In an exclusive report Friday that outraged human rights advocates worldwide, The Guardian revealed that Canadian police wanted snipers on standby for a January 2019 crackdown on Indigenous land defenders who were blocking construction of a natural gas pipeline through unceded Wet'suwet'en territory.
The Guardian reported on official records—documents as well as audio and video content—reviewed by the newspaper related to the police "invasion" that led to 14 arrests:
Notes from a strategy session for a militarized raid on ancestral lands of the Wet'suwet'en nation show that commanders of Canada's national police force, the Royal Canadian Mounted Police (RCMP), argued that "lethal overwatch is req'd"—a term for deploying snipers.
The RCMP commanders also instructed officers to "use as much violence toward the gate as you want" ahead of the operation to remove a roadblock which had been erected by Wet'suwet'en people to control access to their territories and stop construction of the proposed 670km (416-mile Coastal GasLink pipeline (CGL).
Indigenous land defenders established the Gidimt'en checkpoint—where the police operation took place—as part of a broader battle against pipeline builder TC Energy, formerly known as TransCanada. The RCMP action was an attempt to enforce a court injunction that came in response to the Unist'ot'en camp established on Wet'suwet'en territory in opposition to the pipeline.
Chilling euphemisms of 'sterlizing the site' and using 'lethal overwatch': police approaches to Indigenous protestors in Canadahttps://t.co/4jXMQOqUzo
— Lucy Delap (@suff66) December 20, 2019
Guardian readers responded to the report with swift condemnation of the RCMP's behavior.
"This is abhorrent and unconscionable," tweeted Steve Wilcox, a professor at Wilfrid Laurier University in Ontario, Canada. American author and journalist Michael Deibert summed up the revelations in one word: "Monstrous."
Some critics highlighted how police conduct contrasted with the Canadian government's truth and reconciliation efforts launched under Conservative former Prime Minister Stephen Harper and continued under the country's current Liberal leader, Justin Trudeau.
No fable of reconciliation can gloss over a machinery of dispossession that will always resort ultimately to uniformed men with guns, taking land by force, on its colonial frontiers.https://t.co/UyqIZjwoaV
— Martin Lukacs (@Martin_Lukacs) December 20, 2019
Frances Moore, operations and national outreach manager at the Indigenous youth-led Canadian nonprofit group We Matter, wrote on Twitter that she is "saddened that it's taking leaked documents from the RCMP for Canadians to believe" that police were prepared to show force against land defenders.
... it’s like folx don’t know how or why the RCMP came to be.
SCROLL TO CONTINUE WITH CONTENT
Never Miss a Beat.
Get our best delivered to your inbox.
Indigenous folx know. And they knew the RCMP was prepared to show force. I’m just saddened that it’s taking leaked documents from the RCMP for Canadians to believe it.https://t.co/K2psGa8HiO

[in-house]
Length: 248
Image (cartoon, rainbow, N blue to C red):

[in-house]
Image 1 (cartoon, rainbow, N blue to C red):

— First Evening Star (@OnaagoshinAnang) December 20, 2019
Specifically, according to The Guardian:
The documents show that ahead of the raid, the RCMP deployed an array of surveillance, including heavily armed police patrols, a jet boat, helicopter, drone technology, heat-sensing cameras, and close monitoring of key land defenders' movements and social media postings.
Police established a "media exclusion zone," blocking reporters from accessing the area. They took care to hide their carbine rifles on the approach to the roadblock because the "optics" of the weapons were "not good," according to one of the documents.
The documents also show close collaboration between the RCMP and TC Energy: police officers attended company planning sessions and daily "tailgate" meetings, and were privy to CGL's legal strategy.
The RCMP were prepared to arrest children and grandparents: "No exception, everyone will be arrested in the injunction area," a document reads. Another makes reference to possible child apprehension by social services—a troubling disclosure given the violent history of residential schooling in Canada and the disproportionate number of Indigenous children currently in the child welfare system.
Unist'ot'en spokesperson Freda Huson (Howilhkat) connected the RCMP's militarized approach to the early 2019 operation to a lengthy record of colonial violence.
"In our experience, since first contact, RCMP have been created by the federal government to dispossess Indigenous peoples of their lands," Huson told The Guardian. "They have proven [that] through their harassment of my people to support Coastal GasLink in invading our territories."
Although an RCMP spokesperson declined to comment on the specific content of the records reviewed by The Guardian, they told the newspaper that while planning the raid, police took into account the remote location and "the unpredictable nature of what we could face."
The Guardian noted that its report came as the Wet'suwet'en camps are preparing for a court ruling on an injunction sought by TC Energy that would permanently restrict the Indigenous land protectors from blockading pipeline sites.